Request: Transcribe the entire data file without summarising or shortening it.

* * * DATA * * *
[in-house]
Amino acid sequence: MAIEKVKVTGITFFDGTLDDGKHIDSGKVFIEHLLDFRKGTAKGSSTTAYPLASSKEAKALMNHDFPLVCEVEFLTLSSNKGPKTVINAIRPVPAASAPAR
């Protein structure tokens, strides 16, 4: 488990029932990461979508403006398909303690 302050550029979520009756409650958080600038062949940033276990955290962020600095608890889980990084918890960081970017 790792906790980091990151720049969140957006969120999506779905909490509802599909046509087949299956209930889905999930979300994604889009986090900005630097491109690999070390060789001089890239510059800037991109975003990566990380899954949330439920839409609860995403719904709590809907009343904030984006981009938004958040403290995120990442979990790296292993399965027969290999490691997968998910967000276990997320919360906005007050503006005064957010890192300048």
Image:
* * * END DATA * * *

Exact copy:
[in-house]
Amino acid sequence: MAIEKVKVTGITFFDGTLDDGKHIDSGKVFIEHLLDFRKGTAKGSSTTAYPLASSKEAKALMNHDFPLVCEVEFLTLSSNKGPKTVINAIRPVPAASAPAR
């Protein structure tokens, strides 16, 4: 488990029932990461979508403006398909303690 302050550029979520009756409650958080600038062949940033276990955290962020600095608890889980990084918890960081970017 790792906790980091990151720049969140957006969120999506779905909490509802599909046509087949299956209930889905999930979300994604889009986090900005630097491109690999070390060789001089890239510059800037991109975003990566990380899954949330439920839409609860995403719904709590809907009343904030984006981009938004958040403290995120990442979990790296292993399965027969290999490691997968998910967000276990997320919360906005007050503006005064957010890192300048």
Image: